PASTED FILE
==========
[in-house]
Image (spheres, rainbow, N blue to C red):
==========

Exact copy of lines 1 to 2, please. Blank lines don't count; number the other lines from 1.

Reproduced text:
[in-house]
Image (spheres, rainbow, N blue to C red):